Note: This blog is written by an external blogger. The views and opinions expressed within this post belong solely to the author.
The concept of Decentralized Finance (DeFi) is attracting a lot of attention recently. The credit goes to the popularity of crypto and, more specifically, the blockchains that allow smart contracts. It is definitely set to revolutionize the fintech industry. In this article, we will specifically see how it can help the rural poor. Let us dive straight into it.
Charitable Institutions and Government Aid:
In the past few years, tax professionals have observed a trend of increasingly stringent laws and other measures relating to the setting up of charitable institutions, applying for tax exemptions, acquiring permission to receive foreign donations, etc. The need for such stringent legislation was born to curb the menace of misuse of benefits given to charitable institutions. Certain entities were set up solely as a means of tax evasion or money laundering too. Even when it comes to government projects and aid of any kind, we hear so many incidents of misuse of taxpayers’ money. This is largely due to the lack of accountability and difficulty in tracing the expenditure. Efficient use of DeFi via the blockchain could lead to increased transparency regarding the source and utilization of funds and also the establishment of a system of accountability for almost every penny spent. As a result, the funds reach their intended beneficiaries faster and without any unnecessary intermediaries.
Accessibility to financial services:
If one had to explain the business model of the banking sector in a very crude manner, it works on the principle that people who need money to spend will have to borrow from those who have money they want to save. Banks and other financial institutions act as the middleman in such a situation and take their cut as a reward for facilitating such transactions. However, with DeFi, it is possible to cut out the middleman entirely for most traditional financial services. In fact, a peer-to-peer system like blockchain will create a direct link between ‘savers’ and ‘spenders’ and allow them to execute whatever financial arrangement they want via smart contracts. For example, take a simple arrangement such as a housing loan. Consider the quantum of fees charged by banks as ‘processing charges’. Having a presence on the blockchain would eliminate the need to go via financial intermediaries, thereby making the whole process more affordable. Further, the increased transparency would also reduce the likelihood of loan-related frauds.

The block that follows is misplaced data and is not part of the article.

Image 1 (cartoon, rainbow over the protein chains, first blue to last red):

Improved stability of economy:
It is no secret that an unstable economy hits the poor the hardest. Poor decision-making, among other factors, can have a devastating impact, as was witnessed in Venezuela, where ‘hyperinflation’ had been observed back-to-back for at least 3 years with no end in sight. Taking a fairly long-term view, if we were to move to a payment system that is based on the blockchain, the decision-making relating to the country’s economic policies need not be left solely at the mercy of the Central Bank or the Ministry of Finance. Instead, it would probably be more helpful to place certain controls in the form of smart contracts that help regulate the economy autonomously.
Removal of credit rating system as a barrier:
The current credit rating system followed in the financial sector is implemented to give assurance to lenders that the borrower has good financial habits and is likely to repay any amount borrowed on time. Higher the funds sought, higher the credit rating demanded.
“While banks and financial institutions try to lure the middle class with quick loans and urge them to leverage their creditworthiness citing healthy CIBIL scores, the formal sector seldom reaches out to the needy.”The Times of India
With blockchain, smart contracts will accurately record the frequency and timing of borrowing and repayment. A separate type of credit rating can be assigned to the borrower independent of the rating given by CIBIL or other such agencies.
India does appear to be seriously considering using blockchain technology. The Central Board of Indirect Taxes and Customs (CBIC) recently tested using an Electronic Cargo Tracking System which is a blockchain-based technology (more information here). If successful, this could also open up new possibilities and lead to lesser resistance in favour of the use of blockchain technology.Disclaimer: Cryptocurrency is not a legal tender and is currently unregulated. Kindly ensure that you undertake sufficient risk assessment when trading cryptocurrencies as they are often subject to high price volatility. The information provided in this section doesn't represent any investment advice or WazirX's official position. WazirX reserves the right in its sole discretion to amend or change this blog post at any time and for any reasons without prior notice.